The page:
Not long ago I watched Bubba Ho-Tep, a film so out there and original that I couldn’t help admire it even if I didn’t really love it… even like it that much.
Here we have the polar opposite, a film that is quite unassuming and in truth fairly unoriginal, yet despite myself I couldn’t help but like it for some reason.
One aimed high, was well received critically but failed commercially and from an entertainment perspective, Disorganised Crime was panned critically, also failed commercially but in my mind it is impossible to dislike.
Frank (Corbin Bernsen) cases, plans and books a bank heist in a small American town. He summons the usual grab bag of cinema criminals to assist and abet in his job.
A safe cracker, a wheelman, a master planner and an odd jobs guy. An old guy, a young buck, a smooth dude and a rash guy with a temper.
Carlos, Ray, Max and Nick.
Don’t try to pair up the above names and attributes, the names, specialties and attributes are interchangeable and irrelevant for the purpose of this review. Credit where credit is due though, the actors (Lou Diamond Philips, Ruben Blades, Fred Gwynn and William Russ) all perform their roles admirably.
The quirk here is that before the four hired hands show up for duty Frank is taken in to custody. When they arrive at the meeting point and find it empty they initially wait, then bicker, then ponder whether they should call of the job or not. Once they realise the target is comparatively cushy and the payoff relatively sweet they decide to continue on regardless, hoping that Frank will show up at some point to explain his absence.
Frank does eventually elude his captors (one of whom is Ed O’Neill) and the bumbling cops mistakenly pick up the trail of the other four men, assuming they are still on the hunt for Frank. Meanwhile Frank has embarked upon his own harrowing ordeal to make his way back to the meeting point, with apparently every element in nature hell bent upon making it as difficult a trek as possible.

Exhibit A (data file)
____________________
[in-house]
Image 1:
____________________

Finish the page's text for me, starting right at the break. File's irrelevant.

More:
Disorganised Crime benefits from the fact that it sets low goals and is therefore able to blow them away. The chemistry of the four criminals is iffy at best, but this leads to amusing bickering and some non-threatening arguments and discussions.
The initial frustration eventually turns to formulation of a new plan that they set in train, a reasonably elaborate plan that tests their respective skillsets and pits them against both the clock and the security of the bank. The primary asset in their favour is the calibre of their pursuers and the small police force in the vicinity.
Disorganised Crime has a very ‘Tremors’ feel, the music, dialogue setting and even the vibe strongly reminiscent of the underground worms classic, and while it lacks the requisite worms and the chemistry of Kevin Bacon and Fred Ward that set Tremors alight, Disorganised Crime is a hell of a lot better than a bunch of 80s films that boast far bigger profiles.
Final Rating – 7 / 10. Not overly jokey or action packed, just a bunch of chuckles, all in the flow of an entertaining plot and film. You may struggle to track it down, but that doesn’t mean it isn’t worth trying.